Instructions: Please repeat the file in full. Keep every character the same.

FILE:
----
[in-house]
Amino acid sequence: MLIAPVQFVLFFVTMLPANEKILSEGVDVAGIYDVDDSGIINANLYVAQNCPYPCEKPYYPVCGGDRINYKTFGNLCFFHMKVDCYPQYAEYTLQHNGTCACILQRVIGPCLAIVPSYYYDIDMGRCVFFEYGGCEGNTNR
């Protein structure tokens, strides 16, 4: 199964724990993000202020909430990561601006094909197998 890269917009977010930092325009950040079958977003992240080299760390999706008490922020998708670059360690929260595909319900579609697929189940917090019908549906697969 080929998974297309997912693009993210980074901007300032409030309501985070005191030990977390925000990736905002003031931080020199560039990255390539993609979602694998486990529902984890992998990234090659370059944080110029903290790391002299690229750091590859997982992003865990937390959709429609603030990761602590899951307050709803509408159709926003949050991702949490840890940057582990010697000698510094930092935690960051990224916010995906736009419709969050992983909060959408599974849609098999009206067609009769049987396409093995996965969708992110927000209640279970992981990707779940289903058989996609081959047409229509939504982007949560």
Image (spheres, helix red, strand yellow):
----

[in-house]
Amino acid sequence: MLIAPVQFVLFFVTMLPANEKILSEGVDVAGIYDVDDSGIINANLYVAQNCPYPCEKPYYPVCGGDRINYKTFGNLCFFHMKVDCYPQYAEYTLQHNGTCACILQRVIGPCLAIVPSYYYDIDMGRCVFFEYGGCEGNTNR
């Protein structure tokens, strides 16, 4: 199964724990993000202020909430990561601006094909197998 890269917009977010930092325009950040079958977003992240080299760390999706008490922020998708670059360690929260595909319900579609697929189940917090019908549906697969 080929998974297309997912693009993210980074901007300032409030309501985070005191030990977390925000990736905002003031931080020199560039990255390539993609979602694998486990529902984890992998990234090659370059944080110029903290790391002299690229750091590859997982992003865990937390959709429609603030990761602590899951307050709803509408159709926003949050991702949490840890940057582990010697000698510094930092935690960051990224916010995906736009419709969050992983909060959408599974849609098999009206067609009769049987396409093995996965969708992110927000209640279970992981990707779940289903058989996609081959047409229509939504982007949560």
Image (spheres, helix red, strand yellow):